A Brief History of Veterans Day in the U.S.

The significance of November 11 started with the unofficial end of World War I, which happened when the Allied nations and Germany implemented a temporary cessation of war hostilities– also known as an “armistice.” This armistice went into effect on November 11, 1918, at 11:00am. Seven months later the treaty of Versailles was signed and WWI was officially over. At the time it was the greatest war the world had ever seen, so it is also known as the Great War. Its ending had a deep impact on the citizens of the U.S and abroad, as people thought it would be “the war to end all wars.”

In 1919, Woodrow Wilson was the first president to recognize the new day by proclaiming it Armistice Day. He said that the day was meant for “pride in the heroism of those who died in the country’s service and with gratitude for the victory” of the war. Armistice Day was meant to be honored by closing down business for a two minute period beginning at 11:00am, as well as holding parades and having speeches.

Armistice Day was recognized by the states as a legal holiday in 1926, and it wasn’t until 12 years later, in 1938, that Congress declared November 11 a legal Federal holiday.

So how did Armistice Day become Veteran’s Day? After WWII and the Korean War created millions more war veterans, President Eisenhower changed the name of the legal holiday in 1954 to “Veteran’s Day,” in order to honor and recognize new veterans from these wars.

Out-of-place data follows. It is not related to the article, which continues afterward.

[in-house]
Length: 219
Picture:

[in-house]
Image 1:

In 1968, Congress passed the Monday Holiday Law—they moved Federal holidays to the first Monday after the actual date, to give Federal employees a longer weekend in hopes that people would travel and participate in recreational and cultural activities, which would stimulate the economy.

Many states & veterans service organizations did not agree with this new law, since Armistice Day had significant historical meaning to U.S. citizens. In response to this, President Gerald Ford returned the observance of Veteran’s day to the original November 11 date, beginning in 1978.

Every year on November 11, national ceremonies for veterans past and present take place to honor their willingness to serve and to sacrifice for the common good.Today is a day that should be honored for all forgotten vets, remembered vets, vets from our standing wars, and vets from our old wars.

For events concerning Veterans Day in Denver, click here! Events are going on all week.


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